McCarthy cedes power in historic House vote

Grace Holland, Staff Writer


Republican Kevin McCarthy was sworn in as 55th Speaker of the House in early January after a tumultuous 15 rounds of voting. His victory followed first female Speaker Nancy Pelosi stepping down after serving on and off for seven years. This came after a break-in and attack in her California residence which left her husband Paul Pelosi in critical but stable condition. Pelosi continues to serve as the Democratic Representative from California’s 11th district.

After the midterm elections, Republicans won a majority in the House. Voting for the Speaker took five days away from the House, meaning that all newly elected officials could not be sworn in and therefore get to work. McCarthy’s five days and 15 rounds of votes is one of the longest voting periods for a Speaker ever. This extended process places him in comparison with Speakers like Nathaniel Prentice Banks who needed 133 rounds of voting before his election in 1855. The major catalyst of the record number of voting rounds stems from the divide among House Republicans. Vocal members who have expressed their dislike for McCarthy include Trump supporters Matt Gatez of Florida and Lauren Boebert of Colorado. The Republican vote was split between McCarthy and four other House Republicans, with six of them being cast for former House member Lee Zeldin and former President Donald Trump.

“As an AP Gov teacher, I found the multiple votes for the Speaker exciting because it was unprecedented, so it was fun to go through some hypothetical scenarios with my classes,” Teresa Schneider said.

In order to gain the votes, McCarthy had to make numerous key concessions. First and foremost, McCarthy lowered the voting threshold on a motion to vacate the chair. This means only one member of Congress is required to force a vote in motion to remove or “oust” the Speaker from the chair. Other concessions include the publication of bills 72 hours before the final House vote, amendments can be made to appropriations bills, and his agreement to consider other suggested legislation like term limits for the House.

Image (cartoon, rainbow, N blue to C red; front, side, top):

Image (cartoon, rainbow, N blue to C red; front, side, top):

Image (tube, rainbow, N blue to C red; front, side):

“I don’t think anyone should be making such a concession,” Sean Lyons (’24) said. “It starts off his term by showing he only has the power given to him by the other members. He’s third in line to the president and yet he’s treated like a child by some of these politicians. He’s fearful that if he doesn’t do everything they say then they will go against him and it will work, he’s a puppet for more radical viewpoints which will only further divide Congress as a whole.”

Only time will show the severity of McCarthy’s concessions as the 118th Speaker sworn in. The first major meeting is the current discussion with President Biden over the debt ceiling.

“It will be interesting for us to watch the House over the next two years to see if the concessions McCarthy made to the holdouts will impact the calendar and debate process in the House,” Schneider said.